18. 18.
    Lavernia CJ, Guzman JF, Gachupin-Garcia A. Cost effectiveness and quality of life in knee arthroplasty. Clin Orthop Relat Res 1997 Dec; 345: 134–9PubMedCrossRefGoogle Scholar
  19. 19.
    Lieu TA, Ortega-Sanchez I, Ray GT, et al. Community and patient values for preventing Herpes zoster. Pharmacoeconomics 2008; 26 (3): 235–49PubMedCrossRefGoogle Scholar
  20. 20.
    Swan JS, Lawrence WF, Roy J. Process utility in breast biopsy. Med Decis Making 2006 Jul–Aug; 26 (4): 347–59PubMedCrossRefGoogle Scholar
  21. 21.
    Dominitz JA, Provenzale D. Patient preferences and quality of life associated with colorectal cancer screening. Am J Gastroenterol 1997 Dec; 92 (12): 2171–8PubMedGoogle Scholar
  22. 22.
    Badia X, Monserrat S, Roset M, et al. Feasibility, validity and test-retest reliability of scaling methods for health states: the visual analogue scale and the time trade-off. Qual Life Res 1999 Jun; 8 (4): 303–10PubMedCrossRefGoogle Scholar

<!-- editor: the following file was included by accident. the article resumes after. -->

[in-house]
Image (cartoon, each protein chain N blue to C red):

23. 23.
    Jansen SJ, Stiggelbout AM, Wakker PP, et al. Patients’ utilities for cancer treatments: a study of the chained procedure for the standard gamble and time tradeoff. Med Decis Making 1998 Oct–Dec; 18 (4): 391–9PubMedCrossRefGoogle Scholar
  24. 24.
    Oldridge N, Furlong W, Feeny D, et al. Economic evaluation of cardiac rehabilitation soon after acute myocardial infarction. Am J Cardiol 1993 Jul 15; 72 (2): 154–61PubMedCrossRefGoogle Scholar
  25. 25.
    Pace KT, Dyer SJ, Phan V, et al. Laparoscopic v open donor nephrectomy: a cost-utility analysis of the initial experience at a tertiary-care center. J Endourol 2002 Sep; 16 (7): 495–508PubMedCrossRefGoogle Scholar
  26. 26.